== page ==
Value Proposition Pitfalls
In its simplest terms, a value proposition is the value a company promises to deliver to customers should they choose to buy your product. It’s not only part of your marketing strategy, but part of your overall strategy: from product concept to customer retention.
If crafted well, it will distinguish what you offer, and get a prospect to say, “tell me more.”
Yet so often we stumble trying to articulate a compelling value proposition and supporting message points. Why is it so challenging?
A few reasons:
It’s really hard work to craft a great value proposition
It often requires internal consensus (which is also really hard work)
Important steps in the process are skipped; steps that might make the process easier
Here are some of those steps that, when skipped, may result in a weak value proposition:
Failure to deeply understand your target customers: To earn attention, you need to deeply understand your target customers, their challenges, and their objectives – ideally before you begin building your product. With the best of intentions, leaders often make assumptions about what buyers need and want, usually based on limited perspective. Set your assumptions aside, communicate with your target customers, and test your value proposition and messaging with them.
Describing your product vs. distinguishing the value: Describing what your product does isn’t a value proposition. Articulating what your product delivers in terms of results is. Focus on the outcomes that your product delivers.
Focusing more on competitors than customers: Competitive analysis is without question an important element in developing strong product messaging – just don’t put a primary focus on it. Figure out how you solve important challenges and deliver results in a way that customers will care about. That last phrase – “in a way that customers will care about” – is the most critical.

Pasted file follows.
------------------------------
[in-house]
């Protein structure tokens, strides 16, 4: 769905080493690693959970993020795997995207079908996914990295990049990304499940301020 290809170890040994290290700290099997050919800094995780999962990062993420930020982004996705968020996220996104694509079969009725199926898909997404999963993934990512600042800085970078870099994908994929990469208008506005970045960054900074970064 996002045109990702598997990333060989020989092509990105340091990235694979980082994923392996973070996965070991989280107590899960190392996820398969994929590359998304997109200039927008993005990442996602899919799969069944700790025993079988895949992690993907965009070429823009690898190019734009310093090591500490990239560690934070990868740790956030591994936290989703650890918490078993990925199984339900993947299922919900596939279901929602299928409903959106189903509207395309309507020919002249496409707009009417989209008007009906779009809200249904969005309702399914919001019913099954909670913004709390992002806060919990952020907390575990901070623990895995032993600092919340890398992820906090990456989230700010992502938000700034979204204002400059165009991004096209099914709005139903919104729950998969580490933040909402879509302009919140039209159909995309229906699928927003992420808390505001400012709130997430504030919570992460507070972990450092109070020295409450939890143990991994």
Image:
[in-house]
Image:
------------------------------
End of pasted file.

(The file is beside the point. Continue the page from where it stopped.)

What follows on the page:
Obscuring with clever jargon: Some companies craft a value proposition with complex jargon that confuses the very people they are trying to attract and engage. Drop the jargon. Keep it simple. Connect with the pains your prospects are experiencing, and the gains they want to achieve. Even better: Ask your best customers how they would describe your product and the value they get from using it. Then use their words.
Thinking the words alone will make a difference: Putting together a great sounding value proposition is one thing. Delivering on the promise of that value proposition is quite another. Your value proposition isn’t about words. It’s about how your product delivers value in a way that’s important to the customers you serve, about what you stand for. It’s demonstrated through the results your customers experience when they choose to use your product.
If you'd like to know more about Insight Out Marketing's framework for helping companies develop a positioning, strategic narrative, and messaging framework, schedule a no-nonsense, no obligation 30 minute call to learn more.